It’s a little less than five hours until I am leaving for the airport. This trip will take me, once more, half-way around the globe, back “home” to the United States.
It’s a weird feeling. “Home” used to be pretty well defined to me, it was a small house in San Jose, CA, just off San Tomas Expressway. “Home” was the Bay Area, its lights, people, and the tech that permeated everything.
It’s an even weirder feeling to realize that it has been, to the day, fourteen years since I first drove the iconic route of 101 to San Francisco and 280 back to the Bay, gazing in wonder over Moffet Field’s blimp hangars, the massive steel and glass buildings belonging to Oracle, the signs pointing towards Earthlink and other motherships of the dot.com boom. Driving back through the serene landscape along Lake San Andreas and Crystal Springs, past Sand Hill Road where, at that very moment, millions over millions of dollars were underwritten, many of which would disappear in clouds of smoke only a year later.
I lived in the Bay Area through the boom and the crash. I watched formerly vibrant office parks turning into cold and dark carcasses, reeking of demise, not a glimmer of their former dot.com pioneer days’ glory shining past the For Lease signs. I played deadpool with coworkers, putting down five dollar bills on maps of the area, denoting which of the office complexes would be first to be completely vacated.
Yet it was home. Home where the lights of the Valley, coming north from Santa Cruz or a day trip to Monterey, would welcome me and fill me with the warmth only coming home can bring.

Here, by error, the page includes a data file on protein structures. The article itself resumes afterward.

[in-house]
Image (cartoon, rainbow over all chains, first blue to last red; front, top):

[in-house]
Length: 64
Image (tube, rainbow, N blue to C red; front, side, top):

I moved to Dallas, but it wasn’t home. Here I had a great house, the wide and open prairie that made me dream of days long past, a tech scene that felt as pioneering as San Jose once was, great food, and great friends. Dallas was many things to me, friend, confidant, lover, but never “home”.
From my winter garden office in Frankfurt I stare up, into the sky, watching rain drops fall and run down the glass frame that separates me from the approaching German fall. I am packed, I am flying — for the first time in decades as a tourist, not a returning traveler — to Dallas in only a scant few hours. On the other side friendship, love, embrace, and the town that I have come to love so much, awaits. I’ll be driving the wide open roads of America’s fly-over country to New York in less than two days, will breathe the air that still smells of pioneers and freedom and the hope that tomorrow, even if just a tiny bit, will be greater and better than today already was.
I wonder. Will Frankfurt ever be home? I guess I’ll find out in the next thirty days…